The drug developed by US pharmaceutical company Insys Therapeutics Inc to help children with refractory epilepsy is made from a synthetic version of a therapeutic compound found in the cannabis plant, called a cannabidiol.

Premier Daniel Andrews told reporters on Wednesday the government was dedicating $150,000 to the trial.

“[Medicinal cannabis] can potentially provide enormous benefits … to the quality of life of children that suffer from very severe forms of a whole range of different neurological conditions,” he told reporters.

Victoria has also joined a NSW-led trial into medicinal cannabis – due to begin at the end of 2016 – exploring the use of cannabis and cannabis-derived products in providing relief for severely ill patients.

The state government also hopes a series of cannabis cultivation trials will begin if the Access to Medicinal Cannabis Bill 2015 is passed in early 2016.

Professor Scheffer said trialling synthetic cannabidiol was a safe option despite recent reports saying synthetic cannabis was more dangerous than plant-based cannabis.

“Cannabis has cannabidiol and THC, which is the psychoactive component, and that’s the part that is used at parties and to get high,” she said.

“We’re not giving THC, and that’s another reason the synthetic compound is exciting, because they won’t get any THC.”

Professor Scheffer said results for the first phase of the trial – and there will be three phases – would hopefully be made available by the end of this year.

Changes likely after ODI debacle: Smith

Changes likely after ODI debacle: Smith

Steve Smith has forecast changes after Australia’s worst loss under his captaincy, a demoralising 159-run one-day international (ODI) defeat to New Zealand in Auckland.

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Smith’s men began their NZ tour on Wednesday in disastrous fashion, suffering a collapse of 5-8 after the hosts had posted a total of 8-307.

It was the first time they had lost six wickets in the opening 10 overs of a ODI innings.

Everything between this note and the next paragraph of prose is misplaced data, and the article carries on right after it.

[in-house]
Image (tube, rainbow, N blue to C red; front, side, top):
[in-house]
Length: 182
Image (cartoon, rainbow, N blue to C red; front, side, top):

They were eventually rolled for 148 in 24.2 overs – never before have Australia been skittled so quickly in an ODI.

Usman Khawaja is likely to return on Saturday, when the tourists will attempt to square the three-match ODI series in Wellington.

“After this batting display, it (changes) will be talked about amongst selectors. It wasn’t our best display so I’m sure that will be talked about,” Smith said.

“We didn’t adapt well enough and we were outplayed.

“I’d like to forget tonight’s game, to be perfectly honest.

“It hasn’t been a great start to the series for us.”

The result is a wake-up call when it comes to Australia’s hopes of regaining the No.1 Test ranking, which they have a chance to do in the two-match series that starts in nine days against the Black Caps.

The debacle had a sense of deja vu about it, raising plenty of questions – of technique, temperament, selections and scheduling.

“I’m not sure it’s technical. It’s just about backing your defence early, giving yourself a little bit longer out there to get used to the conditions before you start playing bigger shots,” Smith said.

The skipper spoke pre-match of the need to bat conservatively at Eden Park, vowing to learn the lessons of a woeful defeat at the same venue during the 2015 World Cup.

For months, Smith and David Warner have highlighted the need to be wary of the swinging ball in NZ.

The captain and vice-captain made it clear their side needed to be better in foreign conditions, especially when the ball was doing a bit.

Those words have been ringing out in recent years at Cricket Australia’s training base in Brisbane and administrative headquarters in Melbourne.

But when the heat went on after NZ were invited to bat first by Smith, the visitors were again found wanting.

Edges flew and wickets tumbled in scenes reminiscent of the side’s collapse of 8-26 against the same opposition in 2015 at the same ground.

“We did what we did here last time during the World Cup. We lost wickets early and we weren’t able to survive,” Smith said.

Smith and Warner pushed their side to 1-33 before all hell broke loose in front of 25,882 fans.

Warner was wrongly given out lbw but opted against reviewing the decision.

Otherwise, the carnage was caused by Trent Boult and Matt Henry – plus a spectacular one-handed catch from Kane Williamson.

“I don’t think the ball was really moving around that much today so that was a bit disappointing,” Smith said.

All of it unfolded on the same pitch that man of the match Martin Guptill excelled on, scoring 90 and sharing a boundary-laden opening stand of 79 runs with Brendon McCullum.

“It got a little bit slower … it was obviously tough conditions out there,” Henry charitably said after grabbing three wickets.